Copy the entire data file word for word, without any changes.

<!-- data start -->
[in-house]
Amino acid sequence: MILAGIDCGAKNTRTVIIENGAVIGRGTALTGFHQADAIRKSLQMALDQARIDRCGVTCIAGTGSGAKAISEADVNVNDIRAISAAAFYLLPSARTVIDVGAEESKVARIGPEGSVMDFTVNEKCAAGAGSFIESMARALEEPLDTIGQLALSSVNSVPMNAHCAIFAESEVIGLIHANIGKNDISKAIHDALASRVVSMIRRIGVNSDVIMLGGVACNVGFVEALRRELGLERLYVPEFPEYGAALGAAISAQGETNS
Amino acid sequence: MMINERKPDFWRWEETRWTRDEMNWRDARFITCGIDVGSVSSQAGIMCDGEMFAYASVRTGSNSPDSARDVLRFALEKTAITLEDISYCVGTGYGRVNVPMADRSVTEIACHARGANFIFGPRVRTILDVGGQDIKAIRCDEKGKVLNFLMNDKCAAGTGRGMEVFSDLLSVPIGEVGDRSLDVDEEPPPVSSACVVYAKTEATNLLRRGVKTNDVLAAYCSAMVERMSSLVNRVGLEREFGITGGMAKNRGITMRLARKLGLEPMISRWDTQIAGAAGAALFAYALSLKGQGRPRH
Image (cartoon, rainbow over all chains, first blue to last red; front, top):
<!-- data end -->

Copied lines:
[in-house]
Amino acid sequence: MILAGIDCGAKNTRTVIIENGAVIGRGTALTGFHQADAIRKSLQMALDQARIDRCGVTCIAGTGSGAKAISEADVNVNDIRAISAAAFYLLPSARTVIDVGAEESKVARIGPEGSVMDFTVNEKCAAGAGSFIESMARALEEPLDTIGQLALSSVNSVPMNAHCAIFAESEVIGLIHANIGKNDISKAIHDALASRVVSMIRRIGVNSDVIMLGGVACNVGFVEALRRELGLERLYVPEFPEYGAALGAAISAQGETNS
Amino acid sequence: MMINERKPDFWRWEETRWTRDEMNWRDARFITCGIDVGSVSSQAGIMCDGEMFAYASVRTGSNSPDSARDVLRFALEKTAITLEDISYCVGTGYGRVNVPMADRSVTEIACHARGANFIFGPRVRTILDVGGQDIKAIRCDEKGKVLNFLMNDKCAAGTGRGMEVFSDLLSVPIGEVGDRSLDVDEEPPPVSSACVVYAKTEATNLLRRGVKTNDVLAAYCSAMVERMSSLVNRVGLEREFGITGGMAKNRGITMRLARKLGLEPMISRWDTQIAGAAGAALFAYALSLKGQGRPRH
Image (cartoon, rainbow over all chains, first blue to last red; front, top):